The link between procrastination and mental health is less widely recognized.
Research has shown that procrastination can have a significant impact on mental health, contributing to anxiety and depression, and can also be a symptom of underlying mental health issues (source).
This topic is important to explore, as understanding the link between procrastination and mental health can help develop strategies for managing procrastination and improving overall well-being.
Is Procrastination A Mental Illness?
Procrastination is not considered a mental illness in and of itself. However, it can be a symptom of underlying mental health issues such as anxiety, depression, or attention deficit hyperactivity disorder (ADHD). In some cases, procrastination can also be a feature of other mental health conditions such as obsessive-compulsive disorder (OCD) or bipolar disorder.
It’s important to note that procrastination is a common behavior and can affect anyone, regardless of whether they have a mental health condition. It becomes a problem when it interferes with daily life or causes significant distress. If procrastination is a persistent and pervasive issue, it may be worth seeking professional help to explore underlying causes and develop strategies for managing the behavior.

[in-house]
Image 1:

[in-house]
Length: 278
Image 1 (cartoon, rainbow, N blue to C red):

Procrastination, Stress And Depression
The relationship between procrastination and mental health is particularly evident in feelings of stress and depression, which can be both the cause and consequence of procrastination. Here is how procrastination can lead to anxiety and depression:
Feelings Of Guilt And Shame
These feelings contribute to both anxiety and depression. When we put off tasks that we know we should be doing, we may start to feel guilty and ashamed of ourselves. This can create a negative cycle, where we procrastinate even more to avoid those uncomfortable feelings, which only makes us feel worse in the long run. This cycle can lead to increased levels of stress, as we worry about our ability to complete tasks and meet our obligations. At the same time, it can contribute to feelings of hopelessness and despair, which are associated with depression.